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Road Pricing Context

OBJECTIVES

SCHEME DESIGN

TECHNOLOGY

BUSINESS SYSTEMS

Prediction

PREDICTION

TRAFFIC EFFECTS

ENVIRONMENT

ECONOMY

EQUITY

Appraisal

APPRAISAL

Decision Making

ACCEPTABILITY

TRANSFERABILITY

Implementation and Evaluation

EVALUATION

IMPLEMENTATION

Case Studies

Bergen

Bologna

Bristol

Cambridge

Durham

Dutch National Case

Edinburgh

London

Manchester

Milan

Nord-Jaeren

Oslo

Rome

Stockholm

The Hague

Trondheim



Urban Road User Charging Online Knowledge Base

Context Description

The Oslo metropolitan region is the smallest of the Scandinavian metropolitan regions. Just over 1 million people currently live in the two counties of Oslo and Akershus, which cover a total of 5,400 square kilometers. The region is the national centre of administration and distribution, and the hub of Eastern Norway. Eastern Norway has two million inhabitants, almost half of Norway's total population, and geographically makes up one quarter of the country. Population densities vary within the region, the highest densities found along the four railway lines out of Oslo. Both Oslo and Akershus experienced strong population growth during the 1990s. Efficient, safe and environmentally friendly transport is considered to be essential to growth and development in the Oslo-region.

From 1970 and towards the end of the 80’s the number of cars increased significantly in Oslo. The investments in new road capacity did not reflect the increase in traffic and the results were deteriorating conditions on the roads and for the environment. The general lack of public funds for road investment in Oslo forced the politicians to consider other options. A new initiative was required to raise money for investments, the Oslo toll ring (Oslo package 1).

The Oslo toll ring (Oslo package 1) started in 1990. It was initially planned as an ordinary toll road to finance tunnels under the city centre. However, before it was established, the municipality of Oslo joined forces with the neighboring county, Akershus, and opted for a package to finance several other projects as well. Later in the process, it was also decided to earmark 20 per cent of the revenue for public transport infrastructure investments.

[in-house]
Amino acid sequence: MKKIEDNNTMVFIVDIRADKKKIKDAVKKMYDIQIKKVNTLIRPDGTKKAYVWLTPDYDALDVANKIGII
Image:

A few years after the toll ring introduced, and following extensive road investments in the region, there was a growing concern about car traffic increasing more rapidly than expected, as well as a lack of infrastructure investments in the public transport infrastructure system. In 1996, the Norwegian parliament invited the local authorities in the Oslo region to develop an enforced public transport plan based on national and local co-financing, to meet this challenge. This plan (Oslo package 2) was launched in 1998 and approved by Parliament and the local authorities in 2001.

Oslo package 2 is a supplement to the existing Oslo package 1 and consists of an increase in the toll of approximately €0.25 per trip making the single fare NOK 15 (approx €1.9). The increase is earmarked for public transport infrastructure investments. In addition, the package includes an increase in the public transport fare of approximately €0.10 per trip, earmarked for rolling- stock investments. The planning of Oslo package 2 involved two counties and several different authorities and organizations. Investment in public transport was expected to double as a result. The main elements in the first four-year period (2002-2005) were railway investments (60% per cent of expenditures), a new metro ring (20% per cent), terminals/stations (11% per cent), and priority measures (9% per cent). The co-financing plan for Oslo package 2 also involved extraordinary national funding and public-private partnership funds from the redevelopment of the old Oslo airport. In the table below, the status quo (ordinary funds) is compared with the extraordinary funds raised by Oslo package 2.

The Oslo toll ring was due to end in 2007. As the end of the toll ring came closer, two alternatives were examined. Either the toll ring could be removed, as happened in Trondheim at the end of 2005, or a new toll scheme, “Oslo package 3” could be introduced. The politicians opted for the latter. Because the planning started late, it was decided to continue the original toll ring (“Oslo package 1”) until a new scheme was in place. The plans for Oslo package 3 were presented by a working group in May 2006. Most political parties accepted the general concept of the package after long negotiations. The final scheme will be presented to the Parliament in two steps. The first step focused on increased fares, new toll plazas and the possibility to use some of the revenue for public transport operation. The new system for urban road user charging passed Parliament in March 2008 and collection started in two steps in July and October the same year. The second part will be presented to the Parliament in march/april 2009 and will focus on the organization of the package and the plans for investment. Oslo package 3 will run until 2027 making 20 more years of urban tolling in Oslo.

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